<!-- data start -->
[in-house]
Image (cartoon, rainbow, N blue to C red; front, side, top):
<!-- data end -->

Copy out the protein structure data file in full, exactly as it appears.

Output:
[in-house]
Image (cartoon, rainbow, N blue to C red; front, side, top):